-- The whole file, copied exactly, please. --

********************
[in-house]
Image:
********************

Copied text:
[in-house]
Image: